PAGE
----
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The Catastrophe of 8 August 1918

A few years ago, I co-edited this translation of the 1930 German official monograph on the first day of the battle of Amiens, Die Katastrophe des 8. August 1918. My role was to fine tune the translation and to write the editor’s introduction, which you can find here.

The book was sponsored by the Australian Army History Unit and published by Big Sky Publishing as part of the Australian Army History Collection. The Australian Army pays great attention to its history, and its interest in this book comes of course from the Australian Corps’ major role in the battle of Amiens, a significant step towards the final defeat of Germany in the First World War.

Catastrophe itself is important partly as the most detailed official or semi-official German account of the battle and partly because it’s representative of a best-selling series of popular histories about the war called Battles of the World War (Schlachten des Weltkrieges) – in fact, it was the 36th and last volume. The series was incredibly successful, with each volume selling on average 40-50,000 copies!

The published aim of the series was to explain to combatants and next of kin the context of the battles they or their relatives had fought in. The unpublished aim was to revive German pride and confidence and to counter hostile foreign writing. So the series was part of nationalist propaganda aimed at controlling the interpretation of the war.

There’s lots of good stuff in our edition:

  • dual text, with the German on the left and the translation on the right;
  • a foreword by Professor Gary Sheffield explaining the importance of the book;
  • my editor’s introduction covering the background to the Battles of the World War series, the author – retired general staff officer Major Thilo von Bose – and comments on his historical technique. I also look at the military detail, including German intelligence on the Allied attackers, the state of the defenders, the moral decay of the German high command, as well as organisation, tactical doctrine and performance on 8 August 1918;
  • a translators’ introduction by my co-editors Dave Pearson and Paul Thost on the origins of the translation and the approach they and I took to it; this is backed up by an appendix with more detailed notes on the translation;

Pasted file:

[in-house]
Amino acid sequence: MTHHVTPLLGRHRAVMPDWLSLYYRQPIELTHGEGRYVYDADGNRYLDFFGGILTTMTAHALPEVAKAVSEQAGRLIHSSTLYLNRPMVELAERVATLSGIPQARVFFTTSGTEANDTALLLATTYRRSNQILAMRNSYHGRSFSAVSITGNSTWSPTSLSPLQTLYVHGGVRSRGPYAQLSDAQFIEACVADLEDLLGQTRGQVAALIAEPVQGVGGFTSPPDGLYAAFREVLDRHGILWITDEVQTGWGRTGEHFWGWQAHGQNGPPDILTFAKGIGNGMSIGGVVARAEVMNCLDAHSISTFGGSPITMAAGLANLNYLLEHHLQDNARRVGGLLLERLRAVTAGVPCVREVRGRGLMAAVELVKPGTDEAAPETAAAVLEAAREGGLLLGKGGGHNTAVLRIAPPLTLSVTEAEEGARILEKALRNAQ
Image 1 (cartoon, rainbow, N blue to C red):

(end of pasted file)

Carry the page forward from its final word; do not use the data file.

• an essay on the taphonomy of Catastrophe, or the differential survival of evidence. This links the book’s description of events to other surviving artefacts including guns, photographs, doctrine manuals and medals;
  • a lot of supporting material including some excellent photographs and maps with a gazetteer to help follow the action;
  • one of our aims as co-editors was to help people who want to study the German army in more detail, so as well as the notes on translation we included explanations of the German rank structure and the very numerous abbreviations used in the German text.

Big Sky did a superb job producing the book, a real plus point:

  • the jacket illustration is Australian artist Will Longstaff’s painting 8th August, 1918.
  • the striking end paper images are photos of wooden boards mounted with German regimental shoulder straps collected by Lieutenant General Sir John Monash, the Australian Corps commander; many of them were captured on 8-9 August 1918.

One of the unique selling points of the original book was the number of illustrations. 18 of them are line drawings by the war artist Franz Hanel, placed at the beginning and end of each section as commentary on the text; and one is an oil painting of a soldier throwing a concentrated explosive charge at a tank. When I wrote the editor’s introduction, I didn’t know who the second artist was but I’ve since identified him as Erich Mattschaß. I still don’t know anything about him or Hanel, so if anyone out there does, please get in touch.

Sadly, the book is now out of print, and nor is it widely available here in Britain.  To help remedy this, Dave Pearson and I have donated copies to several libraries here, so you can now read it at the British Library, Imperial War Museum, London Library, King’s College London’s Defence Studies Department, Trinity College Oxford and the Bovington Tank Museum. 

This is me handing a copy to Marjolijn Verbrugge, Archive & Supporting Collections Manager at the Bovington Tank Museum. We’re standing in front of the Whippet or Medium Mark A tank Caesar II in which Lieutenant Cecil Sewell won the Victoria Cross on 29 August 1918. Whippet tanks like this one played a prominent role in the battle of Amiens and are mentioned in Catastrophe, so this seemed an appropriate backdrop!

Finally, full details of the book are: Thilo von Bose, The Catastrophe of 8 August 1918 (trans. and ed. David Pearson, Paul Thost and Tony Cowan) (Newport, NSW: Big Sky Publishing, 2019); originally published as Die Katastrophe des 8. August 1918 (Schlachten des Weltkrieges 36) (Oldenburg: Druck und Verlag von Gerhard Stalling, 1930).

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